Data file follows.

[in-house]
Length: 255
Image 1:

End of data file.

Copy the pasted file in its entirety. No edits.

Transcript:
[in-house]
Length: 255
Image 1: